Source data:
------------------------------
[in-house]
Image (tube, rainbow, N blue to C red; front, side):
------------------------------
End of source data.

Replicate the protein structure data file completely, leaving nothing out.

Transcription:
[in-house]
Image (tube, rainbow, N blue to C red; front, side):